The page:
When the bag is fully opened, a generally rectangular compartment or receptacle is formed in the lower portion thereof, while a second compartment is formed in the upper portion of the bag. 1 v In accordance with the teachings of the invention, the lower compartment may be closed off, while leaving the upper compartment exposed and freely accessible. To this end, the new handbag includes means to hold the opposite side wall panels 16, 11 together at their midsection. In the illustrated form of the invention, pairs of snap fasteners 17, 18 are provided at opposite sides of the sidewall panels 10, 11 facing outwardly substan tially in the manner indicated in Fig. 2. The fasteners 17, 18 are preferably the female elements of complete pairs of fasteners. The male elements 17, 18' of the pairs are secured at the ends of short straps or'cinchers 19, 20, which may be formed of material similar to that with which the bag generally is formed, or may be made of a contrasting material, where desired. The

' straps 19, 20 are of such length that, when the male Referring now to the drawings, the numerals designate, generally, opposite side wall panelsof thehandat the bottom than at the top, howeven' The' sid e wall fastener elements thereof are engaged with the female fastener elements 17, 18 on the bag, the side wall panels 10, 11 are drawn and held close together. This substantiallycloses o'if the lower compartment of the bag ,as will'be readily apparent upon comparison of Figs. 3 and 5.

It is an important feature of the invention that the straps 19,.20 engage the sidewall panels 19, 11 around the midi-portion or waist of the bag, while the upper por-- tions of the side wall panels remain free. The closed or cinched waist ofthe bag thereby defines the bottom of the upper compartment, which is open at the 'top and therefore freely accessible at all times.

As" shown Fig. 5 when the cinchcrstraps 19,120 are provide for the normal divergence of the upper portions of 'the side wall panels, the panels are formed of two sections of material joined together along horizontal seams 21. As shown in Fig. l, for example, the panel 10 comprises upper and lower sections ltla, 1011 which are secured in overlapping relation and secured by seams 2i and 22. This imparts additional strength or body to the waist portion of the bag, to improve the cinching thereof by the straps 19, 20.

As shown in Fig. 4, one of the upper side wall portions 1011 has a pocket 23 therein, closed at the top by a horizontal zipper 24. In this respect, it will be understood that the panel 10a, as well as the other panels described herein, may be formed of several layers of material including, for example, a body fabric, an inner lining, and an outer or cover fabric. The pocket 23, therefore, may be formed between the body fabric and inner lining of the panel 10a, and the pocket itself may be defined by addition-al layers of material. The actual construction of the pocket, per se, is not part of the present invention and will, therefore, not be described in detail. The location of the pocket 23 is, however, of importance, and in the illustrated bag the zipper 24 at the top of the pocket is located in the upper compartment of the bag, a short distance below the upper edge of the panel llia and parallel therewith.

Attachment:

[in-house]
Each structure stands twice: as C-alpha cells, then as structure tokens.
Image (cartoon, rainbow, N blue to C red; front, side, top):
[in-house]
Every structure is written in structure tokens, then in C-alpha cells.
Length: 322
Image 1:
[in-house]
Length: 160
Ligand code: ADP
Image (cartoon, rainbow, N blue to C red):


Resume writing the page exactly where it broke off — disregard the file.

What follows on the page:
On the opposite panel Ida, constituting the upper portion of the side wall panel ll, is secured a change-purse 25, which may be of a conventional type, having pivoted frame members 26 of inverted U-shape forming closure elements. The purse 25 is positioned so that the upper portion thereof is located within the upper compartment of the "bag, a short distance below the upper edge of the panel 11a.

The change-purse 25 and Zipper pocket 23 are, in accordance with the invention, exposed at all times in the upper compartment of the bag, so that ready access may be had thereto regardless of whether the :cincher strapsare fastened in place. Frequently used articles, such as change, tokens, and the like, may, therefore, be conveniently carried in the pocket 23 or purse 25, while other articles may be carried in the lower compartment of the bag. In this respect, however, it will be understood that the pockets 23 and 25 are merely exemplary, and other combinations or arrangements may be employed to hold article in an accessible manner in the upper compartment of the bag.

For carrying the bag, a pair of loop handles 27, 28 are secured to the upper panels liia, 11a, respectively. The handles 27, 28 extend above the top of the bag an appropriate distance, so that they may be conveniently gripped by the hand or slipped over the forearm. The handles 2 7, 28 are advantageously mounted upon the upper panels 1%, 1111, so that these panels tend to close when the bag is carried, while, when the handles are re leased, the panels Ida, 11a assume the divergent positions shown in Fig. 5.

Perhaps, the most important advantage of the new invention is the novel structure whereby separate closed and open compartments are provided by cinching the bag at the waist. Bulky and infrequently used articles may be carried in the normally closed lower compartment, Where they are out of view, as well as out of the way. The more frequently used articles may be carried in a conveniently accessible manner, in either the zipper pocket .23 or change-purse 25, which are exposed at all times in the open upper compartment of the bag.,